Both women focused on how this mass shooting was an act of terrorism and that we and President Obama should be more focused on the rise of terrorism rather than gun control. Schlapp ended by saying, “The first thing we asked ourselves was ‘are these people Muslim?’ ‘Were they radicalized?’ ‘Who is the shooter?'” This quote honestly surprised me because she so boldly presented her bias by assuming that the shooters could be Muslim, simply because it was a mass shooting.
In juxtaposition with the Fox Business video, the CBS News article completely eliminated the shooters’ religion or possibility of terrorism from their argument. The main center of focus was how President Obama was calling for a bipartisan policy solution to eliminate or prevent mass shootings with stricter gun laws. The author framed the President’s speech in a way that made him seem distraught about the amount of mass shootings since 2009 and that he is trying to figure out a way to stop them, mainly through gun control. The author also mentions President Obama’s idea in relation to Republicans’ that instead of an issue of gun violence, it is one of mental health. Overall, I thought it was very interesting to see how the two sources different, namely because Mornings with Maria focused so heavily on terrorism, whereas the CBS one did not at all.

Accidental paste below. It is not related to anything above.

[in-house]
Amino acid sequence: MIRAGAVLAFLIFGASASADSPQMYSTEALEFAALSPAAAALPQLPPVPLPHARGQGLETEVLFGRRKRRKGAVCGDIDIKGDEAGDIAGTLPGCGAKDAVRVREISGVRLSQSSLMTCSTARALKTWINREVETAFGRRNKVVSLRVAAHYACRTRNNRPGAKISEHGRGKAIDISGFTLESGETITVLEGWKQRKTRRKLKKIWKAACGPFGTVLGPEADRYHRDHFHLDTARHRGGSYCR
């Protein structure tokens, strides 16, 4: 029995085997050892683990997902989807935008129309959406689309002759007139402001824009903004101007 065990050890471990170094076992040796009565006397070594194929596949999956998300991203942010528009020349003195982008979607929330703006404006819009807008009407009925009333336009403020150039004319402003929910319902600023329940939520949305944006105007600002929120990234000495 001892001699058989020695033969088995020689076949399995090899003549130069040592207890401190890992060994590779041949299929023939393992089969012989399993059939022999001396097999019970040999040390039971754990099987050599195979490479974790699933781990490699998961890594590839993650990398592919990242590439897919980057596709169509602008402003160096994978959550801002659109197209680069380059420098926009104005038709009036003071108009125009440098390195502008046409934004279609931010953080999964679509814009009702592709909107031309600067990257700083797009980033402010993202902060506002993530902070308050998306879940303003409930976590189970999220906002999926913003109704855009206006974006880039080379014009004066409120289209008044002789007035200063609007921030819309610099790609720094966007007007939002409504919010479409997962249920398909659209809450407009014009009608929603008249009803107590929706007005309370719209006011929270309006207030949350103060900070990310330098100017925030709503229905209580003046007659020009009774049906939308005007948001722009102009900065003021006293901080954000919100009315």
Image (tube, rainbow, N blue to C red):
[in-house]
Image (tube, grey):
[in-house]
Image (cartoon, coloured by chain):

Two news articles that I decided to compare and contrast were both covering the background of the shooters in the recent and devastating San Bernardino mass shooting. I chose to analyze an article from Fox News and one from CNN. Both news articles attempt to give information on the shooters to the reader, however, the way the shooters are described are vastly different in each rendition of the story.
Firstly, Fox News has this story running as their headlining piece, reading: “A COUPLE HELL BENT ON JIHAD? Husband & wife Muslim gunmen who carried out massacre that killed 14 left pipe bombs, ran ‘IED facility’-will FBI now call it an act of terror?” CNN has this as their front running story as well, however the title is not as descriptive: “Who were the husband and wife who killed 14?” Both titles obviously frame the reader in a specific way; to either be fearful of Muslim Americans ‘on the verge of mass terror attacks,’ or to question the motives of the shooters. Either way, I personally believe that both titles are insidious ways that put the reader in a biased position and highlight both authors’ lack of objectivity.
In addition, throughout the articles the authors attempt to describe the shooters, analyze their strategies and motives, and basically glorify them with recognition, while both authors lose sight of the victims. In the Fox News article, there are multiple instances where the author mentions that the man shooter was a devout Muslim, grew out his beard, and he and his wife were “hell-bent on jihad.” The CNN article focuses on a break down of the shooters’ life (mainly the man’s), their possible motives, and their deaths.